Wish Fulfilled

“Absolute power corrupts absolutely.” Or some smartass, know-it-all pronouncement to that effect. This novel is about someone who achieves absolute power and resists it, refuses to be corrupted; that is, it’s about a hero, an ordinary being who rises to an extraordinary occasion. It’s unpublishable, and I don’t care. I loved writing it.

Wish Fulfilled The coroner’s wagon came while Gil was in the house talking to the detective and Cady was outside waiting, by police request. She stood up and moved aside for the two men who came up the pathway and nodded at her, then she sat on the porch steps again, crying, yet strangely focused and quiet. In the back of the house, where Lucinda had let her once beautiful family garden grow into a jungle of roses, Jimson weed, clematis, and thick spongy layers of leaves, leaf mulch and weeds, Lucinda’s dogs howled. Both of the poor things were very elderly. Cady wondered if she should go and feed them or something. She had never seen Lucinda feed them, but she had never asked either, because she was determined she would not give Lucinda another opportunity to burden her, taking care of the animals on the weekends when the woman skipped town. Evidently the neighbors didn’t want to help in caring for the old mutts either, because Lucinda would leave huge baskets of dry dog food out for the dogs, and the rats, to eat every weekend. It made sense that the neighbors were none too neighborly. Lucinda’s lack of appreciation of property values probably affected the whole street. The female dog howled louder.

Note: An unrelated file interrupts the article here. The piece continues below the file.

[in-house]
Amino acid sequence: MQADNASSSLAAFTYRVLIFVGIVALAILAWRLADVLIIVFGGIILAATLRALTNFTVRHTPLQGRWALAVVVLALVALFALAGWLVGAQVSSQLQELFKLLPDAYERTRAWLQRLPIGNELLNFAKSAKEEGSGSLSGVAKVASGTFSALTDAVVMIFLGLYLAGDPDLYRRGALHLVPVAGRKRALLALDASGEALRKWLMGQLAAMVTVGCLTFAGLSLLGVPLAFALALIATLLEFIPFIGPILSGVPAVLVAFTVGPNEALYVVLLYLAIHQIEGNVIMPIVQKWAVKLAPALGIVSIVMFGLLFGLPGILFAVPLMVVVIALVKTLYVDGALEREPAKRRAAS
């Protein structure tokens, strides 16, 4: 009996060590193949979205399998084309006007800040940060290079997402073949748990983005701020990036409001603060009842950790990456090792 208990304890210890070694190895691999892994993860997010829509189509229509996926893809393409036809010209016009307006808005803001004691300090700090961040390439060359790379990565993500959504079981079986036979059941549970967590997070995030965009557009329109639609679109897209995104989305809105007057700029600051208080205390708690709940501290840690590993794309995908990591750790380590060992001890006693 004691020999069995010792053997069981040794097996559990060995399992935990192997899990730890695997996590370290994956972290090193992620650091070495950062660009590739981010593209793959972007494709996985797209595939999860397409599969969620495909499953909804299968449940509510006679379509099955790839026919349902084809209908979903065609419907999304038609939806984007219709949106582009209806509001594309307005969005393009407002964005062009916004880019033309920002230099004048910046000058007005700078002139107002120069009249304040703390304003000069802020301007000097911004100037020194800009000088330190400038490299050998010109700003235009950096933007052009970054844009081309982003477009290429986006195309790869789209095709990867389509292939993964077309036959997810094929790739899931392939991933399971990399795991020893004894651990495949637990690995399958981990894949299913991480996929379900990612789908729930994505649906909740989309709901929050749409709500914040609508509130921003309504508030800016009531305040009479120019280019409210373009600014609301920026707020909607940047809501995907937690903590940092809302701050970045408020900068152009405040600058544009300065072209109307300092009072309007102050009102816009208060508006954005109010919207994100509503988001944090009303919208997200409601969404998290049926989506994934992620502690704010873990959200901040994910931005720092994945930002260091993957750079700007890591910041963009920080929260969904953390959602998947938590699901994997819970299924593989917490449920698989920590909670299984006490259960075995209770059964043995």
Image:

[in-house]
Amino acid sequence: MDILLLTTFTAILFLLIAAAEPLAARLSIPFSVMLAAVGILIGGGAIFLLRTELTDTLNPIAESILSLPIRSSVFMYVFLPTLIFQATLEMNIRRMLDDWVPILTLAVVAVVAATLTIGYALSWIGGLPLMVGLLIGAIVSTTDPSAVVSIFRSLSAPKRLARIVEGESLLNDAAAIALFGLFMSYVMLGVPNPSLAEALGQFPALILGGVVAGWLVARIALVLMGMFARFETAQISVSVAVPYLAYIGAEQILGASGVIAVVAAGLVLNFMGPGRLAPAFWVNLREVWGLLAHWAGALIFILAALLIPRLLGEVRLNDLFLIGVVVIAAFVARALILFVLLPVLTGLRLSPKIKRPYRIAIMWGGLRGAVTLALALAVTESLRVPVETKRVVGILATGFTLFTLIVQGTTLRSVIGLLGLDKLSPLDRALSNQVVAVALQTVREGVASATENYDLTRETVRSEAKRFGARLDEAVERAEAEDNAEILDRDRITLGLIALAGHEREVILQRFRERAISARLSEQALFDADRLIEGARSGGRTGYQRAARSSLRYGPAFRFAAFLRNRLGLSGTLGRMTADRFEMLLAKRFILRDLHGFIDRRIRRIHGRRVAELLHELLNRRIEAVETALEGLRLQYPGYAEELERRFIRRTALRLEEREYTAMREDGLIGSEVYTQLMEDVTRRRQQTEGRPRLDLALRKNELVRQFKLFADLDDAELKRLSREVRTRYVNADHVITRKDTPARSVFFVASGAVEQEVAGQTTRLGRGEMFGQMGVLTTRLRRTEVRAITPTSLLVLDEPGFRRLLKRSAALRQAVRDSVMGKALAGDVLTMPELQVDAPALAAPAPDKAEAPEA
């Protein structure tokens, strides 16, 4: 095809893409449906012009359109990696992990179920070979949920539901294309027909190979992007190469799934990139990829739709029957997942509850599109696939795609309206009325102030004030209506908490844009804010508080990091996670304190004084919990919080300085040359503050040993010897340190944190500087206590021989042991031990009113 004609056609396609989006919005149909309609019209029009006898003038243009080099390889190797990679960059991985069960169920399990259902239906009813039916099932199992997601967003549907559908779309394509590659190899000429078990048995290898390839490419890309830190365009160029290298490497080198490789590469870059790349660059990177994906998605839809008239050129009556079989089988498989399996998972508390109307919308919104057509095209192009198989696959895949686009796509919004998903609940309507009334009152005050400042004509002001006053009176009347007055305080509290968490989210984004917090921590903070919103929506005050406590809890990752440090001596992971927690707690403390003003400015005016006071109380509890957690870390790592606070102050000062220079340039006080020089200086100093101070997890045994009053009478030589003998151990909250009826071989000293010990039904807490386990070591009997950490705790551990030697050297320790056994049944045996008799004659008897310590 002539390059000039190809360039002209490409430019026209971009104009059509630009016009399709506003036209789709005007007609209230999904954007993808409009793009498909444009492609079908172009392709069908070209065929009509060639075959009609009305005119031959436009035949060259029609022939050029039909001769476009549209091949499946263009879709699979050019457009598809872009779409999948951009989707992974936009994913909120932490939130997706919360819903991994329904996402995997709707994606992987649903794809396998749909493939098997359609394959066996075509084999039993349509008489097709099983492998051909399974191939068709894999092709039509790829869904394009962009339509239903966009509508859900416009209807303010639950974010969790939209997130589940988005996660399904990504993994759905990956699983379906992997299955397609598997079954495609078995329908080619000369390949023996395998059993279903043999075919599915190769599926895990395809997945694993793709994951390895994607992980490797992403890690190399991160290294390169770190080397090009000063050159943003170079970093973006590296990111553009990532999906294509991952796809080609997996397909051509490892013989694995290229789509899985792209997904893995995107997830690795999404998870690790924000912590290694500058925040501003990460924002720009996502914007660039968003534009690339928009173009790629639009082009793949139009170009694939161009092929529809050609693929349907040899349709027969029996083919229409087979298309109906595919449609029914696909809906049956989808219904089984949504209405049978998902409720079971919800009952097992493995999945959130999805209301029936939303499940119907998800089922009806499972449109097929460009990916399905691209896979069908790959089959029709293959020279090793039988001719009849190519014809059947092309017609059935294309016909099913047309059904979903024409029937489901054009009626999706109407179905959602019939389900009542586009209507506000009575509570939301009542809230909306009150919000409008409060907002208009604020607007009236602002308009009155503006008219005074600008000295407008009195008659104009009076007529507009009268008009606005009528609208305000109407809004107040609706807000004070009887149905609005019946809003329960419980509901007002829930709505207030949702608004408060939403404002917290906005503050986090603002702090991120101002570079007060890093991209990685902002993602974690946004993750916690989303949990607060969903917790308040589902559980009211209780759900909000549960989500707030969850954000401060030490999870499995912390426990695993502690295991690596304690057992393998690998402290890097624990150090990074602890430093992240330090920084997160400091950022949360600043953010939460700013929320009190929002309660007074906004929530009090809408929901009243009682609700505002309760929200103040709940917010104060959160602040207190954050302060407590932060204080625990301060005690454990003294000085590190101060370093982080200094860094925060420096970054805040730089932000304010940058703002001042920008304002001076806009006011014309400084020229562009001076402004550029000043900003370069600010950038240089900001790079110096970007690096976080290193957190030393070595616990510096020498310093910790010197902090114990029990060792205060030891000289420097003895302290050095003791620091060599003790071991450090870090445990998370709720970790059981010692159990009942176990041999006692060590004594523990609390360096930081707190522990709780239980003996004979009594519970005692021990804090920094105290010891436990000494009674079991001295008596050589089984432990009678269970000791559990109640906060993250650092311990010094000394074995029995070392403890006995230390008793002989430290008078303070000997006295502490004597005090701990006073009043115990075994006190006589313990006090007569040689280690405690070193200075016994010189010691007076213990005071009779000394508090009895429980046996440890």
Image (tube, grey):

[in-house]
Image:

“Jesus, I wish she would shut up,” Cady said. The female stopped howling. The male started whimpering and then he began howling.

“Great,” she muttered. “I wish you’d shut up too.”

He did.

Cady sat there, captive to a very strange suspicion. Very strange. Stranger than anything she had ever felt or suspected or believed before. She stood up slowly, took a very deep breath, and peeked into the living room window. Lucinda’s body was covered with a cloth, and the coroner’s men were talking to the police, while over at the fireplace end of the huge room, Gil talked with the detective. Evidently no one wanted to go into any of the other stinky rooms even for privacy or to be away from the corpse. Cady took another very, very deep breath and tried to exhale slowly, without hyperventilating. Perhaps she was going crazy. It would explain many things. Still, a little experimentation was surely in order; it couldn’t hurt, could it? And when the experiment failed, she could return reluctantly to reality.

“I wish Lucinda wasn’t really dead, just in a stasis or a coma or something, maybe for a few hours. I wish she would be all right and able to describe her attacker by this afternoon, and the cops would understand that Gil and I had nothing to do with this.”

The sheet stirred.

“Jesus H. Christ,” a cop screamed.